Sustainability was at the top of the agenda for the Thursday, Aug. 12 virtual City Council work session.

Dr. Vicki Foust gave a PowerPoint presentation on the work on the Strategic Energy Plan that had been completed and its recommendations on how to accomplish the goal established by the City Council to “Establish a pathway to 100% renewable energy by 2040 for City of Greensboro operations.”

Goal number one of the proposed policies is: “Clean energy audit/installation/maintenance contracts will give priority to Historically Underutilized Businesses (HUB.”

The goals call for the city to reduce its electricity demand by 40 percent from what it was in 2005 by 2025. The city’s largest electricity user is the Water Resources Department so related goal is to reduce water demand by 20 percent by 2030.

To attain the goal of meeting the total electricity demand with renewable energy by 2040 the strategies listed are Ground PV Solar, Rooftop Solar and generation of electricity from “in-line hydro” and “incineration.”

Building a solar farm at the TZ Osborne Wastewater Treatment Plant and putting solar panels on the roof of the Central Library were listed as “immediate actions.”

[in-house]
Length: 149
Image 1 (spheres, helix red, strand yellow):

Another goal is to reduce gasoline consumption by 5 percent per year by converting the city fleet to hybrid and then to electric vehicles and right sizing the fleet.

Most comments by City Councilmembers consisted of thanking Foust for all the work and support for the plan.  No City Councilmember asked questions about the cost of converting the entire fleet of city vehicles to hybrid vehicles, or the cost of building solar fields and putting solar panels on the roofs of city buildings.

The report did include a page “Put Together a Financing Strategy” which included applying for grants and attempting to get Duke Energy to help finance some of the initiatives.

If the city is unable to reach 100 percent renewable energy usage by 2040 the suggestion is that the city purchase renewable energy tax credits and purchase carbon off-setts.  Again there was no discussion by the City Council of what that might cost the taxpayers.